Dutch archeologists have discovered an estimated 200 silver Roman coins, several jewels, an armband and a ring hidden in a clay pot, the city overseeing the dig said Monday.
The city of Cuijk, near the Maas river, 80 miles southeast of Amsterdam, said archeologists found the cache while excavating in an area where new housing is to be built.
So far, most of the treasure in the pot has only been examined with x-rays.
The first coin to be removed and cleaned bears the emblem of the eccentric Roman emperor Elagabalus, who reigned from 218-222 A.D., the city said.
"During the uncovering of the pot, it became apparent that it was placed precisely at the spot where a bolt of lighting struck," a statement by the city said. "Further study will have to determine whether ... the pot could have been buried as an offering, or if the inhabitants by chance had left these valuables hidden in this spot for fear of theft."
The area, known as "De Nielt," shows signs of Stone Age settlements. Romans first arrived in the area under Julius Caesar around 53 B.C., but the Netherlands south of the Rhine river wasn't firmly under Roman control until nearly a century later.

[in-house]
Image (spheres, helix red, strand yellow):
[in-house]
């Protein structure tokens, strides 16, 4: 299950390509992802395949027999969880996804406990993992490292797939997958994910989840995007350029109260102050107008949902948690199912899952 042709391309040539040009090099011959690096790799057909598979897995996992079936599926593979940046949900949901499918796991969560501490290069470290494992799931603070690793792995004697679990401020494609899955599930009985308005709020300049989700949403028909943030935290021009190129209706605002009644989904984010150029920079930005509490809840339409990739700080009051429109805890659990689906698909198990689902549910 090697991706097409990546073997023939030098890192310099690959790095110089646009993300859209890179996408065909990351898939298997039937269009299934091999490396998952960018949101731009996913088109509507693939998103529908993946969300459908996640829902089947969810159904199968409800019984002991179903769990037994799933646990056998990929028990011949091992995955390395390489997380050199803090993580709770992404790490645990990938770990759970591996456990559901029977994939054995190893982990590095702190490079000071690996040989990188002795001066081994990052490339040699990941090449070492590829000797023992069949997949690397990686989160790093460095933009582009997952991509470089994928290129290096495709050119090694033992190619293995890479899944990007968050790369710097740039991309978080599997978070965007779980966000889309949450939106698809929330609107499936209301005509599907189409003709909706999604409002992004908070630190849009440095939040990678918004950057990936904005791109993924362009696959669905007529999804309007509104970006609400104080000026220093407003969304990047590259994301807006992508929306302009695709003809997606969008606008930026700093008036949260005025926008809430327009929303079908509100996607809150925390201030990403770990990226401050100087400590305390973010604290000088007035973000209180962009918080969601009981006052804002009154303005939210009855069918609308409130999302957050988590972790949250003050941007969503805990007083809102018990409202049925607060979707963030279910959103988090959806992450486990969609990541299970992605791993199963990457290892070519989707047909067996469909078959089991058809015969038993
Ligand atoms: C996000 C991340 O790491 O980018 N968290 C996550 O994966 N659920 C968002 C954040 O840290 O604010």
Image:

The people who lived there would likely have belonged to the Dutch tribe known as the Batavians. By the end of the third century A.D., De Nielt was colonized by German tribes from outside the empire — or at least parts of the settlement adopted the German building style.
The area fell into disuse, was inhabited again briefly in the early Middle Ages, and was again abandoned.
The company leading the dig, Becker & Van de Graaf, said its field excavation of the Roman-era settlement was complete, and it expects the remaining work will take about three months.